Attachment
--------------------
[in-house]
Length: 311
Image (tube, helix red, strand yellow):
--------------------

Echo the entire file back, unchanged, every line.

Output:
[in-house]
Length: 311
Image (tube, helix red, strand yellow):